One small tip - if you are cutting something very narrow - say 1 or 1.5mm / (1/16 strip) don't forget to add the width of your laser beam or it will be clearly undersized - on ours I add between .3 and..5mm depending on the size and material being cut . When cutting balsa strips at a fairly fast speed I use .3 added ie 1.5 use 1.8 , 6mm use 6.3 etc for the true size when cut.. Components are not a problem since they are designed to fit together - and all of them loose the .15mm or so beam cutting width..

Good luck and enjoy your machine - it is a real step up.

Chris Fellows24/03/2020 11:05:23
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619 forum posts
355 photos

Hi Paul

Good to hear from you again.

Interesting that you have bought a laser. Something new to get to grips with.

Doubt I will be getting one (I've only got a scroll saw so far) but how big are they and can you do laser etching for e.g. deck planking.

Chris

Paul T24/03/2020 12:15:35
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6919 forum posts
1164 photos
2 articles

A few photos

img_20200324_105751_resized_20200324_110807418.jpg

img_20200324_105807_resized_20200324_113840321.jpg

img_20200324_105830_resized_20200324_110346683(1).jpg

img_20200324_105909_resized_20200324_113949119.jpg

Ray: I tried 3D printing but the parts were to heavy plus the fact that my 3Dprinter is quite small so I couldn't print the larger pieces. Yes it will be a flying model but not sure if it will be electric of petrol, electric will be easier but have limited flight time, petrol will sound better and have a longer flight time but the bits of engine sticking out of the body can ruin the look of the model.

Captain Bob: The Typhoon and Tempest were very impressive aircraft and, for me better than the Spitfire, the laser will let me cut out all of the parts but I don't know where I will keep the plane when it is built, at 1/4 scale I will need a hanger. Photos of Spitfire and Seafire for you and Ray.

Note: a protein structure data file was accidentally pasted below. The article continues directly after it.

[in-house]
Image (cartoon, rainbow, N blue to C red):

Red: I researched this for a long time before buying it, I also bought a good pair of laser goggles at the right frequency for the 40w laser. Thanks for the cutting tip.

Chris: You can get a good idea of size from the photos but the actual cutting area is only 300mm x 200mm , it etches very well and is ideal for etching complicated deck planking.

The laser itself is a decent piece of kit for the money but the 'support kit' that comes with it is cheap and best replaced with better equipment.

For example the supplied fume extract is a cheap fan and a paper hose, I replaced them with a good 'inline' fan and steel hose.

The laser has to be water cooled and the supplied equipment is a small fountain pump that you are advised to place in a bucket of water and hope that it cools the tube, I replaced it with a sealed chiller filled with distilled water.

Last of all I added an 'air assist' which blows air over the cutting point and really helps with a decent cut, for my first attempt I used an airbrush compressor but this overheated so I replaced it with a large air pump, usually used with large fish tanks.

Paul

 

Edited By Paul T on 24/03/2020 12:25:42

Colin Bishop24/03/2020 12:55:15
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Moderator
4393 forum posts
6052 photos
394 articles

All very impressive Paul, do keep us posted on progress.

And keep safe.

Colin

Bob Abell24/03/2020 13:13:26
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8577 forum posts
2648 photos

Hi Paul

Sounds like you've made a rod for your own back?

Didn't realise you had made these large planes?

Looking forward to the Typhoon build, a small model could be electric powered, but a 1/4 scale sounds a bit iffy?

Bob